Sweater or Sweatshirt
Similar to California, the area around Mexico City and Oaxaca is warm during the day but chilly at night. Bring a sweater or a sweatshirt to throw over your day time outfits once the sun goes down. You’ll also want one on AC-heavy bus or plane rides, too.
If you’re like me and get cold easily, a small beanie and/or a scarf can also go a long way, and neither take up too much room in your bag.
A breathable rain jacket shell is ideal. Bring it with you to keep dry during rain showers, or as an additional layer on top of your sweater (it can drop into the low 40s at night some parts of the year).
Seriously. Bring pants. One or two pairs of pants (or in my case, 1 pair of yoga pants and 1 pair of jeans) should be enough. You’ll want them in the colder areas of Mexico, but also to look nicer. Exercising and beach aside, shorts are kind of a touristy thing.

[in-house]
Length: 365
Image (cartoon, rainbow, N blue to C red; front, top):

Things to Leave at Home
- Adaptor – Mexico uses the same outlets as the U.S. and Canada. If you’re from Australia, Europe, or elsewhere, you will need to bring an adaptor.
- Flashy jewelry – Make yourself less of a target and pick some up in Mexico instead.
Bullet Point Packing List for Mexico
- 1 Sweater or sweatshirt
- 1 Rain jacket
- 1-2 Pairs of pants
- 1 Skirt and/or 1-2 pairs of shorts
- 3-4 Tank tops / t-shirts
- Bathing suit
- Unlocked phone and apps
- Bug spray and sunscreen
- Sarong or quick-dry towel
- Extra change purse
- Water bottle
- Your usual travel essentials
- A carry on-sized travel backpack and daypack